Literary Review

"A great primer on the concept of islands in the modern age. . . . Engagingly written".

Library Journal

"[A] beguiling, fact-filled account of the world’s headlong dash to build artificial islands. Via a mixture of extensive desk research and short field visits, Bonnett invites readers to journey with him from military-orientated 'Frankenstein Islands' in the South China Sea to gigantic windfarms anchored to the bottom of the North Sea."

Times Literary Supplement

"Elsewhere: A Journey into Our Age of Islands is captivating, a delightful armchair travelogue [ . . . ] A prolific writer of academic adventure geography, Bonnett yet again shares his rare gift of successfully crafting intriguing geographical works that interest academics and the public alike."

Journal of Geography

Elsewhere contributes to our understanding of the contemporary era of human civilization. Using the lens of islands—which have always provoked human attention and emotion—allows Bonnet to explore the psychology, politics, culture, and economics of the Anthropocene in a way that is both enjoyable and insightful.”

H-Net

“In Elsewhere, Bonnett combines a deep knowledge of history and contemporary geopolitics with a seasoned travel writer’s eye for the telling detail, as he gives us a tour of our terrifying but often beautiful new world.”

Joshua Keating, author of Invisible Countries

“An ambitious journey by wing, sail, rubber and road to find the lost, emerging, off-limits and artificial islands of our fast-changing world. Once again, Bonnett respectfully drags geography back to its roots.”

Bradley Garrett, author of Bunker: Building for the End Times

“Bonnett’s reporting of islands new and ancient—from trash islands to military islands to new environment-trashing ‘ultrastar’ islands to approaching-extinction islands—is a well-researched and open-handed cautionary tale for our times.”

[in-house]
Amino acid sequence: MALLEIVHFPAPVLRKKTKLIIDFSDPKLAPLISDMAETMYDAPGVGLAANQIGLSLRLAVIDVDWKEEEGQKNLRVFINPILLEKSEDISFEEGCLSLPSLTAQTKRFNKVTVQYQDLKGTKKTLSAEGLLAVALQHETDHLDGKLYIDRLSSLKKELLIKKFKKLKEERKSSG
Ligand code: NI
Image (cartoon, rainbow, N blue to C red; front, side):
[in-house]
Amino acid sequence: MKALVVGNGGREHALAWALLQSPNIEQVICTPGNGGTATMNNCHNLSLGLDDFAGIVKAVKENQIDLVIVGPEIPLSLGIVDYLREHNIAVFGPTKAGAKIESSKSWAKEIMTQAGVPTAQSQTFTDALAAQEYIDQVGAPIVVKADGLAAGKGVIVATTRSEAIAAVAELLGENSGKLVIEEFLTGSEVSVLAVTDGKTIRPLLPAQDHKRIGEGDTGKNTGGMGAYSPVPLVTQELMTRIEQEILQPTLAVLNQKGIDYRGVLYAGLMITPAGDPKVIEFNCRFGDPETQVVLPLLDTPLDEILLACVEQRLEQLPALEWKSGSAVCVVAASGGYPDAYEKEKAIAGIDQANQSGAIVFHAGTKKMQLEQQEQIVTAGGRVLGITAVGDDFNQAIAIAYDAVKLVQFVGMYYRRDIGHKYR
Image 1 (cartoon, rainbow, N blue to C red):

Dan Boothby, author of Island of Dreams: A Personal History of a Remarkable Place

“Sheer vulnerability and bold architecture live cheek by jowl in this book. If islands did not exist, we would have to invent them. And now we do. Elsewhere helps us understand how and why.”

Godfrey Baldacchino, University of Malta; president of the International Small Islands Studies Association

Table of Contents

Introduction

Part One: Rising
Why We Build Islands
    Flevopolder, The Netherlands
    The World, Dubai
    Chek Lap Kok, Airport Island, Hong Kong
    Fiery Cross Reef, South China Sea
    Phoenix Island, China
    Ocean Reef, Panama
Natural, Overlooked and Accidental: Other New Islands
    Hunga Tonga-Hunga Ha‘apai, Tonga
    The Accidental Islands of Pebble Lake, Hungary
    Trash Islands

Part Two: Disappearing
Disappearing Islands
    The San Blas Islands of Guna Yala, Panama
    Tongatapu and Fafa, Tonga
    The Isles of Scilly, UK

Part Three: Future
Future Islands
    Seasteading
    Dogger Bank Power Link Island, North Sea
    East Lantau Metropolis, Hong Kong
Not an Ending

Acknowledgements
Bibliography
Index